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2010.04

The Inventor's Mentor

April 2010

Patenting Software and Methods of Doing Business


Modern developments such as computers, the Internet and the greater complexity of our economy have lent more importance to the development and patent protection of new business methods and complex computer software. The number of awarded software patents has skyrocketed in recent years, growing from about 3000 in 1990 to 16,000 in 2005. However, these awards have been controversial. Over the years, the courts have swayed back and forth, alternating between being permissive and being strict in granting such patents. Should these inventions be protected by patent law?

 

The patent law states

 

Whoever invents or discovers any new and useful process, machine, manufacture, or composition of matter, or any new and useful improvement thereof, may obtain a patent therefor, subject to the conditions and requirements of this title.(35USC 101)

 

Business methods and software can be viewed as processes and processes, according to the law, are patentable. But then, why this ambivalence? It all hinges on how the word “process” is defined. Depending on how this word is interpreted, your invention may or may not be eligible for patent and as an inventor you need to know why.

History

The first financial patent was granted on March 19, 1799, to Jacob Perkins of Massachusetts for an invention for “Detecting Counterfeit Notes.”

A patent, possibly the first software one, was granted on August 17, 1966 in the United Kingdom for a method of efficiently managing a computer memory for a mathematical algorithm. It was titled “A Computer Arranged for the Automatic Solution of Linear Programming Problems.”

 

Infamous “Method of Doing Business” Patent

One of the most talked about patents of all time was the one-click patent awarded to Amazon in September 1999. This patent allowed Amazon’s customers to make a purchase with a single click of the mouse without having to re-enter their credit card information. After a reexamination of this patent, the patent office in October 2007, accepted some of the claims and rejected others, thus limiting the scope of the invention.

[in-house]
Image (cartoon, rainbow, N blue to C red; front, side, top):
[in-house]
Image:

Last Court Decision

On October 30 2008, the pendulum swayed back toward a much stricter interpretation of the law as the courts came up with a long-awaited decision. The Federal Circuit handed down its “en banc” decision in In re Bilski. This ruling invalidated many business-method patents granted in the last decade. What


does this latest ruling mean if you wish to file a patent for a software process or for a method of doing business?

 

Patentable Subject Matter

Processes that transform material articles such as iron ore, or food ingredient, from one state or thing to another, are patent-eligible.

 

Processes that transform non-material articles such as electromagnetic signals or electrons flowing through a wire, are patent-eligible. However, given the uncertainty in the courts it is better to associate those processes with actual material objects such as radio receivers or computer memories.

 

Processes moving bits of information around in a dedicated machine such as the microprocessor running your car’s ignition system are potentially patentable but the bit processes need to have tangible results.

Non-Patentable Subject Matter

Processes such as algorithms transforming bits of information from one format to another in the memory of a general purpose computer are non-patentable. These include, for example, financial or scientific data computation. Processes taking place in a human brain (i.e., ideas) are not patentable. Non-patentable subject matter includes (but is not limited to):

  • Laws of nature
  • Natural phenomena
  • Scientific principles
  • Abstract ideas

To be safe, always tie the process describing your business method or the software that you have invented to a material transformation or to a particular machine.

 

For archived newsletters and a lot of information for the small inventor go to: www.patentsandventures.com. If you have any question you can contact me at (858)259-2226 or email me at glevy@patentsandventures.com. This newsletter should not be construed as legal advice. ©2010 by George Levy

 

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